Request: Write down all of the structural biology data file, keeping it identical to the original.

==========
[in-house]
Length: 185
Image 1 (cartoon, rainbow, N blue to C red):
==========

[in-house]
Length: 185
Image 1 (cartoon, rainbow, N blue to C red):